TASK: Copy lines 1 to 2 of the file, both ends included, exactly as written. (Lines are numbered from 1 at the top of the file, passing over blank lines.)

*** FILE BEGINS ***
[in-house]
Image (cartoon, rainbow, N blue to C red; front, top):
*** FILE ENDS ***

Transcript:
[in-house]
Image (cartoon, rainbow, N blue to C red; front, top):